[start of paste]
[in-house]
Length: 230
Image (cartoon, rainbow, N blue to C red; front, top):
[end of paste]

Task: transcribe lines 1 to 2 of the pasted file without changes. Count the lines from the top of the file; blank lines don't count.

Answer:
[in-house]
Length: 230